Accommodation of Alcoholism in the Human Rights Context
By James McTague
Reynolds Mirth Richards Farmer LLP
AMSC Casual Legal Service Provider
In late 2020, the Human Rights Tribunal of Alberta released a decision which clarified the duty to accommodate an employee who is suffering from alcoholism. The Tribunal acknowledged the duty may be difficult to meet; however, it emphasised the importance of investigation.
The complainant was a car salesperson and his employment was terminated after a serious incident, in which, he attended work late while intoxicated, interrupted a staff meeting and acted belligerently towards the general manager. The complaint alleged discrimination against him by his employer in the area of employment practices on the grounds of physical disability and mental disability. The Tribunal awarded the complainant damages in the amount of $30,000.00 for general damages, lost benefits, lost wages and interest.
The Tribunal determined it is appropriate to consider the whole of the evidence to determine if a disability has been established. The Tribunal found his alcoholism to be a physical or mental disability as he consumed significant amounts of alcohol daily, was consistently impaired at work, was concerned about losing his employment but continued to drink, had lost his license for an alcohol related offence and had been seeking medical help.
The Tribunal determined that based on the information the employer had about the disability, they ought to have inquired about whether the complainant was an alcoholic prior to terminating his employment, even though the employer asserted the termination was solely based on the complainant’s conduct. Since the disability was a contributing factor in the termination, the employer had a duty to accommodate the complainant to the point of undue hardship.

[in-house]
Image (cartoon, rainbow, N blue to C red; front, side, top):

The Tribunal confirmed the employer had both a procedural and substantive duty to accommodate the complainant. Here it was determined that the employer took no steps to consider accommodation, conducted no investigation into alternatives to termination and never considered what its options were in the circumstances. Since the employer did not engage in the accommodation process, it has no evidence to show it was unable to accommodate the complainant to the point of undue hardship. The Tribunal stated employers do not have to accept risk or intoxication in the workplace because of a disability, but must investigate their options.
When municipalities are dealing with employees who are struggling with alcohol or drug addictions, they must be conscious of the high standard required for accommodation. It is important to conduct a thorough investigation into the accommodation options for the employee, such as providing the employee with a medical leave of absence to seek treatment. If accommodation is not possible, the municipality will want to ensure there is a sufficient basis, with supporting evidence, to confirm accommodation would not be possible, as it would result in undue hardship.
To access AMSC’s Casual Legal Helpline, AUMA members can call toll-free to 1-800-661-7673 or email email@example.com and reach the municipal legal experts at Reynolds Mirth Richards and Farmer LLP. For more information on the Casual Legal Service, please contact Christine Maligec, Director, Risk Management, at 780.431.4533, or toll-free at 310-AUMA (2862) or via email at firstname.lastname@example.org. Any Regular or Associate member of the AUMA can access the Casual Legal Service